A little after 8 a.m. on the morning of Jan. 13, 2018 a Hawaii state employee mistakenly selected the wrong item from a clunky drop down menu on a computer screen and triggered a statewide missile attack alert. For the next 38 minutes, until the state figured out how to cancel the alert, the citizens of the Aloha state contemplated the very real possibility that a North Korean nuclear missile might be about to impact and that life as they knew it was about to end.
The extensive media coverage of this debacle since has focused on how a false alert could be triggered in the first place and the psychological impact on the population of Hawaii.
What has received considerably less coverage in the media has been the extent of the confusion that the alert created and the apparent complete absence of any understanding on the part of the populace as to what to do in the event of an emergency of this type. Having an alert to let everyone know that a nuclear missile is inbound is one thing. Having a plan for what everyone is supposed to do then and ensuring everyone knows what it is —something else again.
During the 38 minutes of terror average Hawaiians fended for themselves. Some closed their windows, locked their doors and started filling containers with water. Some hid in ditches. Some stores opened their doors to people on the street; others shoved everyone out into the street. A certain number of individuals drove to the other side of Oahu away from Honolulu and huddled on the beach. Others abandoned cars on the freeway and ran for whatever they considered cover.
No one knew what to do. That is not just a failing on the part of the state. That is a failing on the part of the federal government and, in particular, the mammoth Department of Homeland Security (DHS). This time it was Hawaii. If we ran the same exercise tomorrow in any other major American city the result would be precisely the same.
All across America whatever civil defense apparatus we once had at the height of the Cold War has withered away completely, and despite the rapid advance of North Korean nuclear capabilities and the very real threat of war, nothing material appears to be in the works to replace it.
A North Korean nuclear attack, once the stuff of science fiction and bad action flicks, is unfortunately now a real threat for which we must plan. It is hardly the only mass casualty attack that is possible in an increasingly chaotic and violent world. While ISIS has lost its physical Caliphate in Syria and Iraq, it is still a worldwide terrorist organization bent on our destruction. So is al Qaida. Both have extensive experience with chemical weapons and ambitions to develop biological, radiological and nuclear weapons as well.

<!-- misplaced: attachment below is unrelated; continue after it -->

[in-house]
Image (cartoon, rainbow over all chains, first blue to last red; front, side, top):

No matter how vigilant our law enforcement and intelligence services there is no such thing as blocking every shot on goal. The awful truth is, in fact, that a survey of terrorist attacks inside the U.S. in recent years shows that most occur without us receiving any pre-attack warning at all. From San Bernardino to Orlando to recent events in New York, we find out about the next attack when the news alerts us that it is already underway.
To date as horrible as they have been the attacks that we have seen have involved shootings, relatively small explosive devices and vehicle rampages. Tomorrow they may be much worse. The use of chemical weapons, the release of a biological agent or the detonation of a radiological dispersal device could all happen in a major American city tomorrow. Planning for such an eventuality is limited at best. Actual education of the public on what to do has effectively never begun.
Since 9/11 one of the unstated premises of American homeland security policy has been to avoid "panicking" the American people. We have endeavored to confront threats to security and safety while allowing the American people, to the maximum extent possible, to continue to live their lives as if those threats did not exist.
We paid the price for that philosophy on Jan. 13, 2018 in Hawaii. Next time the price we will pay may not be measured in panic and confusion, it may be measured in lives. It is long past time for us to put in place real civil defense preparations and to make sure American citizens know what they are.
Charles "Sam" Faddis is a Veteran, retired CIA operations officer, Senior Partner with Artemis, LLC and published author. With degrees from The Johns Hopkins University and the University of Maryland Law School, he is a contributor to sofrep.com, Newsmax, and The Hill among others. He regularly appears on many networks and radio programs as a national security and counter-terrorism expert. Sam is the author of "Beyond Repair: The Decline And Fall Of The CIA" and "Willful Neglect: The Dangerous Illusion Of Homeland Security." To read more of his reports, Click Here Now.
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